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Goodbye Safe Haven?

Risk avoidance drives utility stock performance.

Fortnightly Magazine - March 2009

end of 2008, there were approximately 17 companies in the portfolio with market-to-book ratios under 1.0, 3 the bellwether mark describing whether companies are creating or destroying value. This list includes a variety of company types—power generation companies such as Reliant Energy, Dynegy, and NRG Energy; integrated gas and electric companies such as Ameren, Duke Energy, CMS Energy, and DTE; and integrated gas companies such as Williams and Southern Union Gas.

These companies all might bounce back on their own, depending on the focus of their management teams and their ability to grow earnings and improve balance sheets and income statements; or they might be acquisition targets by companies that maintained higher market-to-book ratios ( e.g., Exelon with its 2.0 end-of-year market-to-book, targeting NRG Energy with its 1.0 market-to-book).

Companies with strong balance sheets: The gas distribution and energy delivery success stories of 2008 might continue on into 2009. Given low interest rates and the potential for a continued recession, these companies—with their stable income streams and conservative management philosophies—might look attractive to investors and even provide growth opportunities if they choose to leverage their balance sheets through mergers or acquisitions.

Beneficiaries of new energy policy: The Obama administration has indicated energy policy will rank among its top priorities, with a focus on clean energy and energy independence. So the question then becomes, which utilities are best positioned to take advantage of changes in policy?

A national renewable portfolio standard (RPS) will have little impact on many utilities in California and the Northeast, as their existing state RPS requirements likely will exceed any national RPS requirements. However, utility affiliates with strong renewable development capabilities— e.g., FPL, with its focus on unregulated wind and solar development—could benefit through the additional requirements thrust upon utilities in many states.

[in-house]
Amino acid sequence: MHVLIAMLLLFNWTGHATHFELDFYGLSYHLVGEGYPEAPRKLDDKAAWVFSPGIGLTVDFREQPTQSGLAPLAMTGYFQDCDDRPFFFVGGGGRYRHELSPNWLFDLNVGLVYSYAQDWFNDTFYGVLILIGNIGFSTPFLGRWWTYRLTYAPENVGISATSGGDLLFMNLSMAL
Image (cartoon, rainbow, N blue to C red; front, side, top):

While the creation of a national carbon policy is expected, the requirements inherent to such a policy are much less clear, other than that a cap-and-trade system likely will be implemented. Companies with significant coal-fired generating assets and carbon emissions ( e.g., AEP and Southern Company) will be impacted by: (1) the timing of any carbon-policy implementation, (2) whether existing coal-plant owners receive (or must pay for) their initial allocation of allowances, and (3) the associated regulatory recovery constructs for carbon control investments on regulated generation assets. Additionally, once a carbon policy is instituted, companies with coal-heavy generation portfolios operating in competitive generation markets ( e.g., Reliant and Allegheny) may be less profitable as their costs increase, or their units are displaced with lower carbon-emitting (and thus cheaper) generation.

Companies with large nuclear portfolios (such as Exelon and Entergy) may be able to leverage their clean energy focus. In the medium term, carbon policy may result in a higher marginal cost for energy in competitive markets, resulting in increased profitability (higher prices at the same cost) for those companies owning unregulated nuclear assets. In the longer term, the administration’s stance on new nuclear development will be important, as the industry will need to add new, clean base-load resources.